Title: Sweet Damage
Author: Rebecca James
Genre: YA Thriller
Source: Allen & Unwin
Page Count: 336 pages
I still dream about Anna London’s house. In my dreams it’s as if the house itself has sinister intentions. But in real life it wasn’t the house that was responsible for what happened. It was the people who did the damage …’
When Tim Ellison finds a cheap room to rent in the perfect location in Sydney it looks like a huge stroke of luck. In fact the room comes with a condition, and the owner of the house, the mysterious Anna London, is unfriendly and withdrawn. When strange and terrifying things start happening in the house at night, Tim wonders if taking the room is a mistake. But then his feelings for Anna start to change, and when her past comes back with a vengeance, Tim is caught right in the middle of it.
A thrilling rollercoaster of a story – read it with the lights on!
This was majorly a plot driven book. I like how the author manages to keep you interested ALL the way throughout the book. In the beginning there is this intrigue about who Anna is and what happened to her, but even by the very end there are still elements of interest that make you want to keep reading. Oh and don’t even get me started about the plot twists. Some of them are a bit far fetched but they work well in the context of the book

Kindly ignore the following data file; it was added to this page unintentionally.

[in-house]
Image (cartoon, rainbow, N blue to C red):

Anna is a very well constructed character. The book does a very good job of portraying mental illness and really explaining what it’s like for people going through those things. And I like Anna’s character development of how she is determined to get better by the end.
A majority of the book is told by Tim’s perspective but I feel like Tim was mostly the observer, it’s hard to explain but it just felt like he was a plot device to basically just introduce readers to Anna’s story. But he does play a major role in Anna’s character development and driving the plot so…(awkward contradiction much)
The rest of the characters in the books are also developed well in the sense that the book explains their actions and how their past has made them into the person they are today
The book is told in dual perspective by Anna and Tim (mostly Tim though). Anna’s pov is in italics and Tim is just normal font but if it weren’t for the font difference I don’t believe I would be able to distinguish their voices.Writing isn’t the forte of this book as it is quite simplistic but the plot more than makes up for it